Wall Insulation


Another thing I am dealing with now that I have the room gutted is that the room below it was insulated with that old foam insulation that has shrunk and was not doing a very good job. So I added some PVC pipe to my shop vac and vacuumed all that old insulation out figuring I could push some fiberglass batt insulation down into the lower walls. There is already some batt insulation at the bottom part of the wall but I need to fill in about 6 feet with insulation.
I tried pushing some batt insulation down into the wall but I can not tell if the insulation is making it all the way down or just bunching up in one spot part of the way down. Now it looks like the best option is to use the blown in insulation maybe like the "Geenfiber" the sell at Home Despot.
Anybody got any better suggestions?
Thanks, David
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Sounds like a plan to me, I would try to fish out the rest of the bat insulation if you can.
Jimmie
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If you do start fishing stuff out of the walls, be very careful as you get near the bottom. You don't want to snag any old electrical wires.
If you have any of that old cloth covered wiring, the insulation or covering could be pretty dried out and brittle.
Left undisturbed it's probably fine, but once you start knocking it around or pulling on it, you could cause some hidden damage.
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Yeah, I will have to be careful with the wires.
BTW, I have a bunch of the old blown in insulation left from when I took out the ceiling. I wonder if I could just re-use that instead of having someone haul it away or if the new stuff is better. I can get enough of the new stuff to do this job for under $20 bucks so cost is not a concern.
David
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wrote:

Heck yes. I always reused insulation where reasonable. When I finished my walkout LL, I pulled all the insulation out of the floor and stored it. Then, I did stud walls 6" inside the block and laid it horizontally, continuously and tucked it into the space by the mudsill as well. That way, the lengths didn't matter at all: it all was used.
--
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I did fish out the bit of bat insulation at the bottom in the part of the wall where I am installing pvc pipe for running wires. I wasn't sure if I should do the rest.
Thanks, David
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As an almost off topic comment, when insulating your bathroom, consider filling in the space between a tub and the walls/face with batt. We did it in our homes and water in the tub remained hotter much longer: particularly when on an outside wall. Do use caution, however, if the pipe inlet is on an outside wall, since the added insulation could block enough ambient heat to permit freezing of the water in the pipes.
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Nonny


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I like that idea. When I do the bathroom I'm going to have to do a lot of insulating and make sure it is done well. The pipes did freeze and burst a couple of times. I think I fixed it better the last time but I will make damn sure when I gut that part of the house. We don't use that bathroom right not so I have all the water shut off to the upstairs.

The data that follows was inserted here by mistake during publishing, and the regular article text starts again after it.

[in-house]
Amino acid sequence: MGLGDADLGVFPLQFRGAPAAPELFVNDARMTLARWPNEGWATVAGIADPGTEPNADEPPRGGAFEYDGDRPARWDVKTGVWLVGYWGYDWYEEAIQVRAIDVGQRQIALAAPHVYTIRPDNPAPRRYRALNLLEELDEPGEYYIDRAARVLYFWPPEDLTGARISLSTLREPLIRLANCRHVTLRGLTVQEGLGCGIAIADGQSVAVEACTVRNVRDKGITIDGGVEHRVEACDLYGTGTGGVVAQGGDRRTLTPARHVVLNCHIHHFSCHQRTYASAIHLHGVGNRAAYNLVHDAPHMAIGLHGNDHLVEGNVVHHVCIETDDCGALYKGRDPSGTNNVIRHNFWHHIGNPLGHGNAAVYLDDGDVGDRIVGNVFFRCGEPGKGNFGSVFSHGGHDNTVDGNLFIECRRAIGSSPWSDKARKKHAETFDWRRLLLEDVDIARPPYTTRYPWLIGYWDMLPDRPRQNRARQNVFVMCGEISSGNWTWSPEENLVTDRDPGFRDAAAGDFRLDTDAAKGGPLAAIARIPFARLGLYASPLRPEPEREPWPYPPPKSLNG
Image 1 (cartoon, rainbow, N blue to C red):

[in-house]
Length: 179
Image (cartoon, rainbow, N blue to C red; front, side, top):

Thanks, David
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If you can, bring the pipes up through the floor in the blind area at the head of the tub, and not up in the stud space. Insulate between them and the exterior, but NOT the interior, so that the ambient heat in the room keeps them from freezing.
We had a second place on a mountain once. It was colder than heck about 9 months of the year there, and a perfect foil to the desert heat here in Las Vegas. Our hot tub was made very well, with the spray-on foam sprayed on the redwood surround and NOT the tub inside. The heat from the tub thus protected the hidden plumbing, pumps and drains. Many hot tubs, I believe, have the foam sprayed against the tub itself, thus insulating the plumbing and pumps from the tub. That may be fine in a southern climate, but on top of a mountain, it wouldn't work very well.
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wrote:

Pour in either cellulose or chopped fiberglass as used for blowing in. Poke it with a stick or fish-wire to make sure it hasn't hung up part way down. Thump the wall a few times to encourage settling- walk away for an hour or two and top up if needed.
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snipped-for-privacy@snyder.on.ca wrote:

There are probably "pourable" insulations available. Small bead-like chunks which will tend to flow to fill gaps.
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lol I'd hate to cut a hole for a light switch with something like that in the walls!
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On Sun, 28 Feb 2010 23:32:07 +0000 (UTC), ShadowTek

You betcha!
Perlite has/was used in block walls for sound, more than insulation purposes. Used between condo unit walls back in the day.
Spill the bag when you opened it .... more went on the floor than inside the block cavity. :-/
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